Total chlorophyll content in treated fruits was generally less than untreated on the 6th day after treatment. Only those treated for 4 min at 60°C and 5 min at 80°C had more chlorophyll than the control (Table 3).
colour rating of tomato fruits exposed to hot air at different temperatures
for different lengths of time and subsequently stored at 30°C
|Figures are means of five replicates±SE of the mean
Means followed by the same letter(s) in the same column are not significantly
different by New Duncans Multiple Range Test (p>0.05)
|| Rate of colour change in heat treated tomatoes stored at
Ripening reached the maximum colour rating of 5.80 obtained in this study in
fruits heated for 2 min at 70°C. At this treatment also, there was no fruit
decay. At 80°C for 3 min also, mean colour rating reached 5.80 on day 10
but one fruit decayed on day 9 due to Fusarium after it had attained
stage 6 of colour development. Some fruits decayed by Fusarium sp or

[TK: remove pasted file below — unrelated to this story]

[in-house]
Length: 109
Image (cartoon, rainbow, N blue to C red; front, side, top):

Botrytis cinerea after ripening to stages 4 and 5. Some fruits exposed
for 4 and 5 min at 80°C also decayed but this same set were also the most
injured by the heat treatment (Table 4).
||Total chlorophyll content of tomato fruits six days after
hot air treatment and in storage at 30°C
ratings of heat injury on mature green tomato fruits exposed to hot air
at different temperatures for varying lengths of time 24 h after treatment
|Figures are means of five replicates ± S.E of the mean.
Means followed by the same letters in the column are not significantly different
by New Duncans multiple range test (p>0.05)
||Percentage weight loss in tomato fruits exposed to hot air
at different temperatures for different lengths of time and then stored
at 30°C and 100% RH
|Figures are means of five replicates ± S.E of the mean.
Means followed by the same letters in the same column are not significantly
different by New Duncans multiple range test (p>0.05)
Decay by moulds occurred first on day 6 in a few of the fruits treated at 60
and 80°C after they had reached advanced stages of colour development. There
was no heat injury on fruits heated 1-3 min at 60, 70°C and 80°C. There
was slight to moderate injury on fruits treated for longer periods at the three
temperatures. The most severely injured were those heated for 5 min at 80°C